Excavation of this Swahili city-state was primarily conducted by James Kirkman. He began excavation with his team in 1948, the year that Gedi had been turned into a National Park.  During his time spent in the city-state of Gedi, he excavated three mosques, a palace, fifteen houses, and part of the town walls. Kirkman continued working on the East African coast for 8 years until 1956.

Analysis of test pits and core samples suggest that Gedi was originally inhabited in the thirteenth or possibly twelfth century. Three stratified layers were identified, the most recent being from the 17th century. A few houses were proven to be from before the fifteenth century. Kirkman observed and documented a standard floor plan used in the construction of these early structures. Essentially, each house was laid out with a sunken hall or aisle in the front, two suites each consisting of two rooms, and long room which tended to be the bathroom. Running water was common among the wealthier houses. Most houses that Kirkman documented had ovens (jungu la mofa) set into the floor. Slight variations in architecture of the houses and other buildings allowed Kirkman to relatively date the structures; he described them as “bungalow types”. He found that the palace was similarly laid out to that of the oldest house (fourteenth century). The only difference was that the suites containing bedrooms became anterooms containing courts. Two tombs were identified surrounding the Palace: the Imam’s tomb of the 15th century made of coral, and a dated pillar tomb, dated 1399.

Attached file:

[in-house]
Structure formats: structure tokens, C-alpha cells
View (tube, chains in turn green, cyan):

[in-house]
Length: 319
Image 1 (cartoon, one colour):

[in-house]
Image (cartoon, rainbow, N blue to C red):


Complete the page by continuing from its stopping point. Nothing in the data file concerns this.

The mosques were found to be laid out very differently than dwellings. They were much more heavily decorated than houses; however houses were also decorated to a large extent. The Great Mosque had 13 blue and white Chinese porcelain bowl structures inserted into the apse; the Mihrab, prayer niche facing Mecca, was also decorated with blue and white porcelain.  Surrounding the inner city, which great-mosqueinhabited the wealthy, was a stone wall dating back to the 1400’s.